Toyota has revealed a new track-only racing version of its GR86 sports car for the Toyota Gazoo Racing Australia (TGRA) 86 Series, which will debut at the start of the 2024 season.

    Priced at $89,990, this turn-key racing package is based on the road-going Toyota GR86, but is double the price.

    The racer has been developed and will be built and sold by Neal Bates Motorsport to ensure there’s parity across the paddock.

    It’s available for competitors to order now and there will be approximately 35 produced for the 2024 TGR 86 Series.

    This GR86 racer is fully stripped-out and features a full roll cage, a single racing seat with six-point harness, as well as a “motorsport spec” steering wheel, electronic control unit (ECU) and instruments.

    There are also control wheels and Dunlop tyres, plus upgraded suspension, brakes, exhaust, oiler cooler and clutch.

    Toyota claims that maximum engine power and torque will be approximately 10 per cent more than the road-going GR86, which produces 174kW of power and 250Nm of torque from its 2.4-litre naturally-aspirated four-cylinder boxer engine.

    The company says that other performance specifications will be confirmed once final testing and validation is completed later in the year.

    As previously reported, the TGRA 86 Series has been extended until at least the end of 2026, and it’ll also gain a new feeder “Scholarship” series in 2023.

    Category administrator Neil Crompton told media in April his focus remains on nurturing talent in an affordable, approachable environment.

    It currently costs $1500 per round to enter a car, and the administrators told media it’s possible to compete for less than $5000 per race weekend.

    Teams are only allowed to use one set of tyres per race weekend, and the control Dunlop rubber is expected to do the job in both wet and dry conditions.

    Sitting below the flagship TGRA 86 Series will be a new Scholarship category, which will not only provide a home for the previous-generation racers, it will act as a feeder into the flagship GR Series; itself a feeder into categories such as Supercars.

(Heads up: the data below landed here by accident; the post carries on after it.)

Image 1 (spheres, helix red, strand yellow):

The fastest drivers after a five-race championship will be put through their paces, with a seat behind the wheel of a GR86 Series car during a race weekend up for grabs.

    The 86 Series has supplied three of the four 888 Racing drivers for Supercars in 2022.

    As for why Toyota supports the GR 86 Series? It’s all about building interest in the burgeoning Gazoo Racing brand, which has now been applied to everything from the Yaris hatchback to the LandCruiser 300 off-roader.

    “You need to be where the fans are, hence this kind of activity,” Toyota Australia chief marketing officer Vin Naidoo told CarExpert in April this year.

    “Establishing a brand takes a lot of effort, and it has to be done in multiple disciplines. You’ll see us across a number of disciplines, and it won’t be one size fits all.”

    Toyota Australia only launched the new-generation GR86 coupe in September this year and has secured around 1100 units for the first 12 months of sales – which is unlikely to come close to matching demand if history is any kind of guide.

    There’s also a GR86 10th Anniversary Edition arriving locally in late 2022, limited to just 86 examples. It has a new orange exterior paint colour that’s matched with a two-tone black and orange interior, as well as orange embroidery on the door trims.

    MORE: Everything Toyota GR86

    Jack Quick

    Jack Quick is an automotive journalist based in Melbourne. Jack studied journalism and photography at Deakin University in Burwood, and previously represented the university in dance nationally. In his spare time, he loves to pump Charli XCX and play a bit of Grand Theft Auto. He’s also the proud owner of a blue, manual 2020 Suzuki Jimny.

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